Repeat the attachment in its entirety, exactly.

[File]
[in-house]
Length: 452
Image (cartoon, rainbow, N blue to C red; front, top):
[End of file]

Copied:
[in-house]
Length: 452
Image (cartoon, rainbow, N blue to C red; front, top):